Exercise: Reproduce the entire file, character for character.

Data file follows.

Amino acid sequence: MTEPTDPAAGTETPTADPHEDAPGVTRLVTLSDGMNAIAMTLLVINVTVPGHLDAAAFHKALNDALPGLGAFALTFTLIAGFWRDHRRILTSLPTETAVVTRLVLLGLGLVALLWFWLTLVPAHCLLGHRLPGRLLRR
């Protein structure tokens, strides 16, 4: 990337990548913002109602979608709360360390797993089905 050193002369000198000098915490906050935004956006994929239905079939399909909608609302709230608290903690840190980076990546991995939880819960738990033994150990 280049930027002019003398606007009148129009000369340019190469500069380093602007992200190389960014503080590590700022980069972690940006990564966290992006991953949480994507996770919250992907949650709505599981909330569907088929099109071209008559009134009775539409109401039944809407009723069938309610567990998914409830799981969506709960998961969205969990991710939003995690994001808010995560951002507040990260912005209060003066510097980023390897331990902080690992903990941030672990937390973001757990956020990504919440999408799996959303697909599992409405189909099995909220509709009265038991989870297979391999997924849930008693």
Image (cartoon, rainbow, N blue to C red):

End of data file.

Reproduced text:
Amino acid sequence: MTEPTDPAAGTETPTADPHEDAPGVTRLVTLSDGMNAIAMTLLVINVTVPGHLDAAAFHKALNDALPGLGAFALTFTLIAGFWRDHRRILTSLPTETAVVTRLVLLGLGLVALLWFWLTLVPAHCLLGHRLPGRLLRR
């Protein structure tokens, strides 16, 4: 990337990548913002109602979608709360360390797993089905 050193002369000198000098915490906050935004956006994929239905079939399909909608609302709230608290903690840190980076990546991995939880819960738990033994150990 280049930027002019003398606007009148129009000369340019190469500069380093602007992200190389960014503080590590700022980069972690940006990564966290992006991953949480994507996770919250992907949650709505599981909330569907088929099109071209008559009134009775539409109401039944809407009723069938309610567990998914409830799981969506709960998961969205969990991710939003995690994001808010995560951002507040990260912005209060003066510097980023390897331990902080690992903990941030672990937390973001757990956020990504919440999408799996959303697909599992409405189909099995909220509709009265038991989870297979391999997924849930008693």
Image (cartoon, rainbow, N blue to C red):